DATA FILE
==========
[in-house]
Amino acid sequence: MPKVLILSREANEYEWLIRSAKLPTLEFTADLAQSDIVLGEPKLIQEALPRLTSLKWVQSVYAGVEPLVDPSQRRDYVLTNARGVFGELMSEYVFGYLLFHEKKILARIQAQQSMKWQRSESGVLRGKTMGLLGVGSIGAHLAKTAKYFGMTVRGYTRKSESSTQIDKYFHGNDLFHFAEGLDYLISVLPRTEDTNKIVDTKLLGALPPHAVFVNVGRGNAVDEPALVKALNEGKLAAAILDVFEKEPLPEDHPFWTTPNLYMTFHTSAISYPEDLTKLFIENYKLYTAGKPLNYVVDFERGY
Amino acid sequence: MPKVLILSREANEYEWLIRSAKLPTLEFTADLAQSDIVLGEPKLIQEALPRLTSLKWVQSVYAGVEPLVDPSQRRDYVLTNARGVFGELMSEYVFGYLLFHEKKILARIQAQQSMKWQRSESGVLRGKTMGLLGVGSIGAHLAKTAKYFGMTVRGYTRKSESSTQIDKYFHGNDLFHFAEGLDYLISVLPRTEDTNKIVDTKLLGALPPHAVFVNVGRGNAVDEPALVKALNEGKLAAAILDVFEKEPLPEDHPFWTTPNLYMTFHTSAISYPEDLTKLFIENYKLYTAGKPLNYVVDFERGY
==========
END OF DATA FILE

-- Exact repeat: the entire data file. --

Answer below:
[in-house]
Amino acid sequence: MPKVLILSREANEYEWLIRSAKLPTLEFTADLAQSDIVLGEPKLIQEALPRLTSLKWVQSVYAGVEPLVDPSQRRDYVLTNARGVFGELMSEYVFGYLLFHEKKILARIQAQQSMKWQRSESGVLRGKTMGLLGVGSIGAHLAKTAKYFGMTVRGYTRKSESSTQIDKYFHGNDLFHFAEGLDYLISVLPRTEDTNKIVDTKLLGALPPHAVFVNVGRGNAVDEPALVKALNEGKLAAAILDVFEKEPLPEDHPFWTTPNLYMTFHTSAISYPEDLTKLFIENYKLYTAGKPLNYVVDFERGY
Amino acid sequence: MPKVLILSREANEYEWLIRSAKLPTLEFTADLAQSDIVLGEPKLIQEALPRLTSLKWVQSVYAGVEPLVDPSQRRDYVLTNARGVFGELMSEYVFGYLLFHEKKILARIQAQQSMKWQRSESGVLRGKTMGLLGVGSIGAHLAKTAKYFGMTVRGYTRKSESSTQIDKYFHGNDLFHFAEGLDYLISVLPRTEDTNKIVDTKLLGALPPHAVFVNVGRGNAVDEPALVKALNEGKLAAAILDVFEKEPLPEDHPFWTTPNLYMTFHTSAISYPEDLTKLFIENYKLYTAGKPLNYVVDFERGY